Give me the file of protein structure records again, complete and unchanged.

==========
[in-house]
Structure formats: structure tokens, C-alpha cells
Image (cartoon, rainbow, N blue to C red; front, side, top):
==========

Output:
[in-house]
Structure formats: structure tokens, C-alpha cells
Image (cartoon, rainbow, N blue to C red; front, side, top):